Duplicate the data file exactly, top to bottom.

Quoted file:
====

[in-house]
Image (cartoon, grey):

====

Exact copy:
[in-house]
Image (cartoon, grey):